I had last seen Arabella as part of the Munich Opera Festival’s Richard Strauss Week in 2008. It is not, I am afraid, my favourite Strauss opera; in fact, it is probably my least favourite. However, I am always willing to be convinced.
Some time ago in San Francisco there was an Aida starring Luciano Pavarotti, now in Orange it was Carmen starring Jonas Kaufmann. No, not tenors in drag just great tenors whose names simply outshine the title roles.
18 May 2011
Orfeo ed Euridice, Metropolitan Opera
Gluck’s Orfeo is, intentionally, free of clutter. If you cut
out the scenes of balletic rejoicing just before the finale (and I can’t
think of any good reason not to do so), it’s less than ninety minutes of
Gluck’s intention was to isolate the story in three individual
voices, as no opera treating the story of Orpheus had done before. He could
even have made it a monodrama, and in some ways it is one: The roles of
Euridice and Amor are neither large nor intricate in the original Vienna
version of the score. (Euridice’s aria was a Parisian afterthought, as
was Orfeo’s coloratura showpiece in Act I, which may not even be
Gluck’s work. Neither is performed at the Met.)
David Daniels as Orfeo
The Metropolitan Opera production, directed by Mark Morris, seemed, when it
was first mounted, to be mostly about Isaac Mizrahi’s distracting
costumes for the chorus (some idiot tale about “all the famous people in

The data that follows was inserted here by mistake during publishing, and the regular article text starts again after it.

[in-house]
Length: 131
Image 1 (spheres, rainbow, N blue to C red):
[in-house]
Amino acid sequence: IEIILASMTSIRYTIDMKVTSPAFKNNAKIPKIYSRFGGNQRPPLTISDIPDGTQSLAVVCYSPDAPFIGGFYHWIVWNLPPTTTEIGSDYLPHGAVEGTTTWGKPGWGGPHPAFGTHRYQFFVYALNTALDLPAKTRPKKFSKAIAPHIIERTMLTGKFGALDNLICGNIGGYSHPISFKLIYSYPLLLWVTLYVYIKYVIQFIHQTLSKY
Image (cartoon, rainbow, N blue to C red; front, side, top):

history witnessing the story”) and, secondarily, Morris’s jazzy
choreography, almost the only scene-setting we have for Tartaros or Elysium.
There was some story about a guy who goes to the Underworld to bring
back his dead wife, but that came a poor third. On its latest revival, those
miserable costumes are still around, but the chorus do not rush about on their
catwalk portraying furious Furies; they stay sedately in place, out of the
spotlight. The lighting is seldom upon them anyway, and one can ignore their
egregious intrusions and just listen to the way they sing. (Beautifully, with
very precise diction.) Morris’s choreography also seems less to clutter
matters and (I could be wrong here) there may have been cuts in the celebratory
dances. So at last the opera is about Orpheus and Eurydice, a pleasant, nearly
Lisette Oropesa as Amor
Antony Walker, an Australian, made an excellent, brisk debut in the pit, and
even at its most languid moments, the musical tension never let up all night:
an energetic performance informed, one suspects, by a background in the
current, danceable Early Music style of doing galant music. He plays
well with singers, too—this staging requires the chorus to keep time,
beating their hands on the rails of their bleachers, at certain moments.
David Daniels is now 45, and countertenors’ voices do not last as long
as, say, Wagnerian sopranos’ do. I hear less of the thrilling sensuality
in his alto that had me gaga in earlier years, less control at the edges of
individual notes, but he has always been a superb musician and a passionate
actor, and his Orfeo is a memorable, ardent portrait. When he stands alone,
bereft, at the center of the stage (vertically as well as horizontally) for the
climactic “Che faro senza Euridice,” a clear and simple statement
of anguish, he has earned our total attention and repays it richly. This is
what Gluck’s clarifying reform of opera was all about.
David Daniels as Orfeo and Kate Royal as Euridice
Lisette Oropesa made a pleasing god of love, the voice pure and clear,
filling the hall, the gestures a minimum of cute excess. Kate Royal made her
Met debut as Euridice, with a voice of distinct color and beauty and an
attractive stage presence, but she did not make terribly much of this pallid
character’s awkward situation, as Danielle de Niese, in striking
contrast, did, and for some reason she had lost her vocal footing for the final
triumphal duet and was unable to regain it.